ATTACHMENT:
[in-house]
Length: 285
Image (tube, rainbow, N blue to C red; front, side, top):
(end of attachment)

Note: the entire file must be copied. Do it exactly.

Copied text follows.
[in-house]
Length: 285
Image (tube, rainbow, N blue to C red; front, side, top):